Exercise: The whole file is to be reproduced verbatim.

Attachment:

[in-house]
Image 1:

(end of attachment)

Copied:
[in-house]
Image 1: